My parents moved to Sydney in Junior year of college, so after graduation I decided to take advantage of that opportunity and move there for a gap year. Little did I know, that would change the course of the rest of my life, as I became addicted to living abroad. I had a job at Lululemon, where I learned about goal-setting. I realized that one of my goals in life was to learn another language, but that if I kept on my trajectory of becoming a lawyer, I would never get the natural break in life that I had at the moment. That prompted me to move to Spain and get a job in Anadalusia teaching English. I realized teaching wasn’t my passion in life, but I learned a lot about myself and that I wanted to keep living abroad. I found a job in Dubai in marketing after that, actually through a McCombs colleague and friend. That just shows you the worth of keeping your network from McCombs and keeping your BHP friends close and connected, because you never know where your colleagues are going to be and when you might want to reach out to them. Now, I run a franchise of DEFINE in Dubai.

What is DEFINE and what kind of work are you doing there?

DEFINE is a Houston-based lifestyle and fitness brand. It’s unique because you don’t need to get a membership at a yoga studio, barre studio, and spinning studio, but you can do all three under one roof at DEFINE. One reason I’m so passionate about this brand and the fitness methods is that they are all low-impact and sustainable—you can do these types of exercises from your 20’s to your 80’s. Dubai is a little behind in education surrounding low-impact versus high-impact fitness and its importance on joint health and injury prevention, so it is rewarding to be part of that educational movement.

What is a day in the life of an entrepreneur in Dubai like, and what surprised you about entrepreneurship?

A day in the life of an entrepreneur involves a lot of managing people. Going into it, I thought that I would be spending most of my time on strategy and overarching decisions, but I realized immediately in my line of work that much of the work is management and handling staff problems. Also, when you’re working for a small business or a startup, you have to wear many hats. This can be great because you often don’t get those types of opportunities at larger companies where your role or function is more specialized. l Sometimes it can feel like you won’t be able to handle the work, but you grow so much from it.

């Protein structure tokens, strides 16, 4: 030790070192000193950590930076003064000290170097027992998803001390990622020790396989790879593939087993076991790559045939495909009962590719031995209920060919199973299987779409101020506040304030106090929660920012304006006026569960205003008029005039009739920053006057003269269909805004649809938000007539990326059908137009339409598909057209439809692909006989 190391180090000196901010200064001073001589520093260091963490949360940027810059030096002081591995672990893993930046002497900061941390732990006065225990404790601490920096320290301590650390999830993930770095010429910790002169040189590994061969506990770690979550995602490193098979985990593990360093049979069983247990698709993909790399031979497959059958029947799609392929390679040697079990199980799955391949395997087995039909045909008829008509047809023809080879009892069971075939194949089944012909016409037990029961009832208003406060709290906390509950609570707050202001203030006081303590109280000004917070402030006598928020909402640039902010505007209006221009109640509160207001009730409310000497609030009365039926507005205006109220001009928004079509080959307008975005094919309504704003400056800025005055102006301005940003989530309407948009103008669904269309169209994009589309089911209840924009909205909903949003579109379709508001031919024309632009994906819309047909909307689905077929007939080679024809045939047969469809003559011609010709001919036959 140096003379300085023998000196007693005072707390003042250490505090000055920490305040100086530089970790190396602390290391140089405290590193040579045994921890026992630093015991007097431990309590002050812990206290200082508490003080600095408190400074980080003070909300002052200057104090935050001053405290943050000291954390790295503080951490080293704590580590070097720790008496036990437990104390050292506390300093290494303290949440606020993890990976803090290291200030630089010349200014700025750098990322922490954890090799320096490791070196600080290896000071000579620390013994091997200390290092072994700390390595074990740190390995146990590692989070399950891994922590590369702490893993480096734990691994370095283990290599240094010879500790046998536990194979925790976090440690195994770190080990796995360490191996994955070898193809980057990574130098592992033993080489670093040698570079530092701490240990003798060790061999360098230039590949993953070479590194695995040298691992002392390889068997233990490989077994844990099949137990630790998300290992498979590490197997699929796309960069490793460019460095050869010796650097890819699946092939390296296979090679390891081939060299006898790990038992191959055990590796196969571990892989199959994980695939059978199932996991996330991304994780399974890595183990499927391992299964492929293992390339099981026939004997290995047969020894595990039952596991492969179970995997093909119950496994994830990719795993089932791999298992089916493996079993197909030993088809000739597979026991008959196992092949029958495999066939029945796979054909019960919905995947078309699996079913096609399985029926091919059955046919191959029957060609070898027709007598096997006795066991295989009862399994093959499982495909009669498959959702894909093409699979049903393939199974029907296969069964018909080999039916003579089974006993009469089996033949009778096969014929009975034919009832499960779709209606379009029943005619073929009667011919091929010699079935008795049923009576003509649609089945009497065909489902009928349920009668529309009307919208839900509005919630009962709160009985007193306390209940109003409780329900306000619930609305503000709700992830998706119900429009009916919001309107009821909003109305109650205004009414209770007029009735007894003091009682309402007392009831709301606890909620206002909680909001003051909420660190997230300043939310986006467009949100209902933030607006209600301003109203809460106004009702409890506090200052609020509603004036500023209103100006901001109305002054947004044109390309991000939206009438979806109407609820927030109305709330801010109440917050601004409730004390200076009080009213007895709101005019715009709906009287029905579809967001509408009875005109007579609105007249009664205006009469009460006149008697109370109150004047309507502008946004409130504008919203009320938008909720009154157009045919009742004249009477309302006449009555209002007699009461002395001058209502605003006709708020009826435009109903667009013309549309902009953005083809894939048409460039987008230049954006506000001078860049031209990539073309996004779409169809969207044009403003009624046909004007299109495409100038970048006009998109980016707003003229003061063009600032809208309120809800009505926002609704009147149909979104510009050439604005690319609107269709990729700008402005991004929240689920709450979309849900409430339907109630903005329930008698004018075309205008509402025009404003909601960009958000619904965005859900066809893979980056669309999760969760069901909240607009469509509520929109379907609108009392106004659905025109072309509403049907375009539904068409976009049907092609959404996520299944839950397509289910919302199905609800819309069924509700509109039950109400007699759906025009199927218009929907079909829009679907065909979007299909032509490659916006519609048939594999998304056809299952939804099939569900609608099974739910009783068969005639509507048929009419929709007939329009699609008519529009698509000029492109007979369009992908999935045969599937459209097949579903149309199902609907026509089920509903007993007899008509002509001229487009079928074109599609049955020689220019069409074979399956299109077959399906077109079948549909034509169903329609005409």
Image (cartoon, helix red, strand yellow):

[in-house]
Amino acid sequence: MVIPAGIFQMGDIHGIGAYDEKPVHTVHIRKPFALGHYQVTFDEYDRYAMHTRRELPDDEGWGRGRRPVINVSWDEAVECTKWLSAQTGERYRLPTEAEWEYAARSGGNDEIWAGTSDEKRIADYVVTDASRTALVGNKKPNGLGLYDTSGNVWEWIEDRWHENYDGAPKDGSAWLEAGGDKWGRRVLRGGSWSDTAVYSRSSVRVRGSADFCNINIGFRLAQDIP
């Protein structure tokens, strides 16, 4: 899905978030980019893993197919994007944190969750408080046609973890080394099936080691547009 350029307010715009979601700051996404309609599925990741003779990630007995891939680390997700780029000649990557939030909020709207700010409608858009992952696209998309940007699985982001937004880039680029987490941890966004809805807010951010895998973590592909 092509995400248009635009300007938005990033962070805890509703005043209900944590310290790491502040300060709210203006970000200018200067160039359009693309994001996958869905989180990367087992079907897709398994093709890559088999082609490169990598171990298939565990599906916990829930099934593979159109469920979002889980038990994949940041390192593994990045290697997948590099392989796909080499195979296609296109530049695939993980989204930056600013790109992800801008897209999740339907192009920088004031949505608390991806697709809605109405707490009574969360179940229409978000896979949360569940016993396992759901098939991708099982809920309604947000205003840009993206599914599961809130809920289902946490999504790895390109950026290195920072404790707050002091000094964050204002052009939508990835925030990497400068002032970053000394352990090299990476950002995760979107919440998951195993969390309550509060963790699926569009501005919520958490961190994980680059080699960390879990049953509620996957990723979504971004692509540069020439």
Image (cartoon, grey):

How might that experience be different in Dubai than say, the U.S.?

I think being an entrepreneur in Dubai is very similar to being an entrepreneur anywhere else, except that there can be a lot of headaches in dealing with government rules and bureaucracy. Sometimes, the government changes rules without notifying you, which can be frustrating. There are also regulations like if you want to run a mainland business, you have to have an Emirati partner who owns 51% of your business. That may sound strange, but it is common in the Middle East.

How do you think your BHP and Marketing degrees from UT aided you in what you are doing?

Being surrounded by such smart kids in BHP, I was proud of my grades but I loved not being the smartest person in the room.  Being challenged by my peers and having an awesome curriculum made me want to continue studying business with an Executive Education program at Harvard Business School, which then made me want to get my MBA with IE, a university in Madrid that has a Global MBA Program, which I hope to start in April. Business is so broad and changes so quickly, so you need to keep educating yourself, and BHP gave me the urgency to keep educating myself.

For students interested in entrepreneurship, what is some advice you would give to them?